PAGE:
Free Sample: Competitiveness on the market paper example for writing essay

Competitiveness on the market - Essay Example

On June 8, 2009, General Motors filed for reorganization under the provisions of Chapter 11, Title 11, United States Code. On July 10, 2009, after negotiations for a huge help with the US government, General Motors emerged from reorganization. After a new IPO on 2010, the shares were still losing value: General Motors has not regain the trust of the market yet. Indeed, bankruptcy has raised the problem of the competitiveness of the firm. According to many surveys that have been done on the firm, it is due to structural problems that implied a lack of reactivity, and therefore, an inability to follow the trend of the market.

So we can raise the question: how can General Motors rebuild its organization performance to regain competitiveness on the market? It implies a huge involvement of the leaders of the firm to maximize motivation of the employees in this restructuring context, in order to bring back the company at the top of the innovation in the car market. 2 Introduction to General Motors 3 McKinsey OHI Model 4 Problem Analysis based on the OHI Model In the following, a detailed analysis of General Motors’ operations is conducted in order to identify strengths and weaknesses as basis for the strategic recommendations. The organizational performance is measured with regard to the 9 outcomes of the OHI Model: Leadership, Direction, Environment and Values, Accountability, Coordination and Control, Capabilities, Motivation, External Orientation, as well as Innovation and Learning.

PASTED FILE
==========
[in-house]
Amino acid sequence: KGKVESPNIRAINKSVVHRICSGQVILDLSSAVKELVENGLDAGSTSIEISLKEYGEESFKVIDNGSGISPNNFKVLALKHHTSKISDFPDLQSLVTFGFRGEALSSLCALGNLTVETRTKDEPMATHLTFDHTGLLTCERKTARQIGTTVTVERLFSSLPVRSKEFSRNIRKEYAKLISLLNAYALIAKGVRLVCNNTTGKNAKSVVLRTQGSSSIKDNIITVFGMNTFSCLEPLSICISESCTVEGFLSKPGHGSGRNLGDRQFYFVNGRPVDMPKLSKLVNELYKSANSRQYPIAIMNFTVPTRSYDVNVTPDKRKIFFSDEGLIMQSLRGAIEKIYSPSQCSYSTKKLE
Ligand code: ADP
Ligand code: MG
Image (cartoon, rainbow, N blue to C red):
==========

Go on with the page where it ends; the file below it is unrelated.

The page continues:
4.1 Leadership The leadership situation of GM has been unstable, causing an uncertain work environment for employees and thus jeopardizing their trust in the future. Within 18 months including the bankruptcy period, GM engaged four different CEOs: Wagnor 06/00 – 03/09, Henderson 04/09 – 12/09, Whitacre 12/09 – 09/10, and Akerson 09/10 – present. Consequently, the employees had to adapt to changes and to be convinced to follow a new head every 8 month, leading to confusion and mistrust in the management. The changes stimulated by the new CEO never had the chance to be implemented properly. Especially in uncertain times like a bankruptcy, a clear structure and a leader guiding the way can help employees not to lose their faith and trust in the company (Ciulla, 2009).

Instead of choosing a visionary CEO knowledgeable in the field of automotive as a fresh start, the Executive Board of GM placed former executives in the CEO position, who continued the work of their predecessor and thus didn’t inspire a new way of thinking and managing. After the ineffective mismanagement by Wagnor leading into insolvency in 2009, Henderson was named as his successor, who inherited the management style from Wagnor and hence did not initiate change. The drop in market share from 60% to 22% over the last decades has been ignored by the management, illustrating their ignorance towards change. Strategic actions taken like creating start-ups (Saturn), Joint-Ventures (NUMMI with Toyota) and acquisitions (EDS) failed, but the management didn’t learn from it and changed little from the past (Galbraith, 2009).